Born in Mosul in 1927, Nadira Azzouz started painting from the age of six, later studying art at the School of Domestic Fine Arts in Baghdad (1944-49). This was followed with further studies at the Central School of Art in London (1957-60) where she achieved a BA in Painting. Like most Iraqi artists of her generation who had similarly studied abroad, her work is informed by the canon of 20th century international art yet at the same time displays its own distinctive, Iraqi, identity as found in Sumerian and Assyrian sculptures, medieval Arab manuscript illumination and the folk motifs of handicrafts and rugs, as well as local popular themes.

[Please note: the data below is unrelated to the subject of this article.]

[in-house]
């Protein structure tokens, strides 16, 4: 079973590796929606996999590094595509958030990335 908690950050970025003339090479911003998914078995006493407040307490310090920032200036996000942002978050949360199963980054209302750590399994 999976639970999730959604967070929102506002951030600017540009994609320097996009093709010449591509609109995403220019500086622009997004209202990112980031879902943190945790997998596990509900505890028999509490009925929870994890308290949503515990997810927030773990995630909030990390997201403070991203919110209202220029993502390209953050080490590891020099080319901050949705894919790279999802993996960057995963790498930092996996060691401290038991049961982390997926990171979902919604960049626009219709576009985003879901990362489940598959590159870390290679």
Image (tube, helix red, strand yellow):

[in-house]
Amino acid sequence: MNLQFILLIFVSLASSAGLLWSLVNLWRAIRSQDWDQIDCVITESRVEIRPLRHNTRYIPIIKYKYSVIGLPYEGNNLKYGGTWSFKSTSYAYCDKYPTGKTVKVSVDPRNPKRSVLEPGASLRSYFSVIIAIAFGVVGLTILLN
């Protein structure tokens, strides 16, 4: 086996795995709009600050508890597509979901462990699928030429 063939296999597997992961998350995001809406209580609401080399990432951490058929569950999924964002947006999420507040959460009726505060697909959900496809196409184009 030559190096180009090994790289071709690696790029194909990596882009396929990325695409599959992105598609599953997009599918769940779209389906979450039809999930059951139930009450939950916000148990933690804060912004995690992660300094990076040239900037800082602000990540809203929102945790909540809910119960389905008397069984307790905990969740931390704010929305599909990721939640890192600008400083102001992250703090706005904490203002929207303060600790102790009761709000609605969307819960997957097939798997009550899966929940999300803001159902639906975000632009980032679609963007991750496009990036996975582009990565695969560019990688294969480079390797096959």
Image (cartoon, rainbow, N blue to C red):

What sets Nadira apart from her artistic peers, however, is the femininity of touch in her work. The Iraqi novelist, critic and artist, Jabra Ibrahim Jabra, wrote in 1983, ‘There is something peculiarly feminine … in her choice of colour and composition as well, explicable perhaps in the context of an Iraqi woman’s passions. Things akin to burning coals suddenly glow and let off sparks through a brazier full of ashes’. ‘For her, painting has often been a communication with inner visions, inner eruptions to which no figure or word could do justice, hence her emphasis and resourceful play on colour. In her recent work one can see her striving after a more lyrical, more diaphanous effect, suggestive of technical mastery’.